There’s lots of things I teach parents and, and all of this comes out of fancy psychology but who cares? What matters is that the results are something a parent understands that impacts the challenges that are faced in their relationships with their children and turns it into positive outcomes. So I might just look at the kid and say three words, okay, I hear you, now I hear you. Or the other one is, I’m listening. Now, you haven’t said, I agree, you haven’t said I like what you say or don’t, you have just simply acknowledged for the child, I’m listening and then sometimes what I’ll do, especially if a kid’s a little bit antsy and looks like he’s escalating, I’ll say, let me write that down because I wanna remember what you said is very important, and that’ll help us decide how we can plan in a way that works for you to get this room cleaned up. That’s just a random choice, it could be anything. It could be getting homework done, it could be taking a bath, it could be, you know, a hundred things, sharing a toy. So we talk about sharing. So one of the rules in my world is I don’t ever force a child to share. As a matter of fact, when I was in foster care, so Bobby had his toys, Joey had his toys, and then I had toys that I was willing to share and because these kids came from such frustrating backgrounds that included so much loss, really you’re gonna ask them to come and share. They may eventually decide to share, but why would that be a requirement? It doesn’t make sense.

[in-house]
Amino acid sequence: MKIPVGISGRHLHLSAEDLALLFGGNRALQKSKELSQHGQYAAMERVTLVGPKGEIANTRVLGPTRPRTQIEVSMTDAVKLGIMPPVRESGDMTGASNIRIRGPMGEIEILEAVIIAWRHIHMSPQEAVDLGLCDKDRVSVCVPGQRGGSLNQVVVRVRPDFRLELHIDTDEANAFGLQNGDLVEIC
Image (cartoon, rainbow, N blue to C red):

So I would actually have extra toys that were my toys and I would tell them that. Hey, you know what, I have my own set of Legos and I’d be willing to share those, would you guys like to do that? So let’s say they start to share the Legos and uh oh, they’re fighting over this Lego or that, and I’ll say, well wait a sec, let me do this, let me divide the Legos in half and so Bobby, you’ll work with that half and Susie, this’ll be your half and then if you wanna trade or something, you could decide to trade but if you both don’t wanna trade, that’s okay. You can let me know since they’re my Legos and I’ll help you decide how we can do that or maybe we’ll decide to just put ’em away for now and do something different. So whatever is the complexity and they all go back to those three major reasons, attention, basic survival, and power and control. And I do my best to support those children to find solutions, to meet their needs and fulfill the requests that are gonna make them feel better too. So it’s just an entirely new way of looking at behavior and looking at the solutions to behavior and it’s amazing once you start filling those basic human needs, it’s absolutely amazing how the child begins to come around.